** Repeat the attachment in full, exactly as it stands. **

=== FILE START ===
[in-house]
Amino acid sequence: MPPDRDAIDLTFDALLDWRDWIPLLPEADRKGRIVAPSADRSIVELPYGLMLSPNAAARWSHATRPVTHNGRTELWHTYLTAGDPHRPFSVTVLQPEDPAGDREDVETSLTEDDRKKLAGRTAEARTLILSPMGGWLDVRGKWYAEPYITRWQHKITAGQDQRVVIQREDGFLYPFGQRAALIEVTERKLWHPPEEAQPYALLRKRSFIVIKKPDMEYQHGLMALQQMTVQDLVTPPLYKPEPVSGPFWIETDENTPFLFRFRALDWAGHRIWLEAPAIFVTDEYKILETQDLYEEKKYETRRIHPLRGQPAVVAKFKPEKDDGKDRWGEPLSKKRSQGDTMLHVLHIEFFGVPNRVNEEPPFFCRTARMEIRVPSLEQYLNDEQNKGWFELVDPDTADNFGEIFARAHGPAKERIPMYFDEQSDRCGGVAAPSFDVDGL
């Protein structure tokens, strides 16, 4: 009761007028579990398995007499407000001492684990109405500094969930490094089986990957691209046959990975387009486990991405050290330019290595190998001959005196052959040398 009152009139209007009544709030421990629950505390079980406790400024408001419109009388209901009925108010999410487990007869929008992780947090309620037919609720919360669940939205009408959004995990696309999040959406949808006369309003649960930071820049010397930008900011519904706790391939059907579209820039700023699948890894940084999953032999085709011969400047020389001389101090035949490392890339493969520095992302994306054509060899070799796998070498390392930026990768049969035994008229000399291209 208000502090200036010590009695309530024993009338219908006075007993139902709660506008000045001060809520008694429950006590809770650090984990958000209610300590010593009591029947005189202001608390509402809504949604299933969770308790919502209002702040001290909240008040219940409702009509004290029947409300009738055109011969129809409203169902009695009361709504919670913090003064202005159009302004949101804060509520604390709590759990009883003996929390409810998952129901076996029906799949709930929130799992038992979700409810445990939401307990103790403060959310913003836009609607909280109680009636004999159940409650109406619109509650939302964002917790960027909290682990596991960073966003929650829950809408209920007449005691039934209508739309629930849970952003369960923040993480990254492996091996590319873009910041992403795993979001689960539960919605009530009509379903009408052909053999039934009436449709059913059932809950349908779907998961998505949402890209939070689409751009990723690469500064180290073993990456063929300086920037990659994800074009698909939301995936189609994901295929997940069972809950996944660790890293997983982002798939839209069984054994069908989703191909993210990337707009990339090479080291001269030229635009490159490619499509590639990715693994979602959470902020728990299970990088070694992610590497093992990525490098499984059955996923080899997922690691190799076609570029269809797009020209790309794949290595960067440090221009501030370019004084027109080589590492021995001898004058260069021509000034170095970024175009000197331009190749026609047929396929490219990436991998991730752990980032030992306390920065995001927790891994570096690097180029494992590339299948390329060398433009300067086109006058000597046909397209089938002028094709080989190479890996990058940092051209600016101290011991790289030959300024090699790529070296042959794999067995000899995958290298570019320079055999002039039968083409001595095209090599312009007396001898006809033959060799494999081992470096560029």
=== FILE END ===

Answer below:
[in-house]
Amino acid sequence: MPPDRDAIDLTFDALLDWRDWIPLLPEADRKGRIVAPSADRSIVELPYGLMLSPNAAARWSHATRPVTHNGRTELWHTYLTAGDPHRPFSVTVLQPEDPAGDREDVETSLTEDDRKKLAGRTAEARTLILSPMGGWLDVRGKWYAEPYITRWQHKITAGQDQRVVIQREDGFLYPFGQRAALIEVTERKLWHPPEEAQPYALLRKRSFIVIKKPDMEYQHGLMALQQMTVQDLVTPPLYKPEPVSGPFWIETDENTPFLFRFRALDWAGHRIWLEAPAIFVTDEYKILETQDLYEEKKYETRRIHPLRGQPAVVAKFKPEKDDGKDRWGEPLSKKRSQGDTMLHVLHIEFFGVPNRVNEEPPFFCRTARMEIRVPSLEQYLNDEQNKGWFELVDPDTADNFGEIFARAHGPAKERIPMYFDEQSDRCGGVAAPSFDVDGL
């Protein structure tokens, strides 16, 4: 009761007028579990398995007499407000001492684990109405500094969930490094089986990957691209046959990975387009486990991405050290330019290595190998001959005196052959040398 009152009139209007009544709030421990629950505390079980406790400024408001419109009388209901009925108010999410487990007869929008992780947090309620037919609720919360669940939205009408959004995990696309999040959406949808006369309003649960930071820049010397930008900011519904706790391939059907579209820039700023699948890894940084999953032999085709011969400047020389001389101090035949490392890339493969520095992302994306054509060899070799796998070498390392930026990768049969035994008229000399291209 208000502090200036010590009695309530024993009338219908006075007993139902709660506008000045001060809520008694429950006590809770650090984990958000209610300590010593009591029947005189202001608390509402809504949604299933969770308790919502209002702040001290909240008040219940409702009509004290029947409300009738055109011969129809409203169902009695009361709504919670913090003064202005159009302004949101804060509520604390709590759990009883003996929390409810998952129901076996029906799949709930929130799992038992979700409810445990939401307990103790403060959310913003836009609607909280109680009636004999159940409650109406619109509650939302964002917790960027909290682990596991960073966003929650829950809408209920007449005691039934209508739309629930849970952003369960923040993480990254492996091996590319873009910041992403795993979001689960539960919605009530009509379903009408052909053999039934009436449709059913059932809950349908779907998961998505949402890209939070689409751009990723690469500064180290073993990456063929300086920037990659994800074009698909939301995936189609994901295929997940069972809950996944660790890293997983982002798939839209069984054994069908989703191909993210990337707009990339090479080291001269030229635009490159490619499509590639990715693994979602959470902020728990299970990088070694992610590497093992990525490098499984059955996923080899997922690691190799076609570029269809797009020209790309794949290595960067440090221009501030370019004084027109080589590492021995001898004058260069021509000034170095970024175009000197331009190749026609047929396929490219990436991998991730752990980032030992306390920065995001927790891994570096690097180029494992590339299948390329060398433009300067086109006058000597046909397209089938002028094709080989190479890996990058940092051209600016101290011991790289030959300024090699790529070296042959794999067995000899995958290298570019320079055999002039039968083409001595095209090599312009007396001898006809033959060799494999081992470096560029």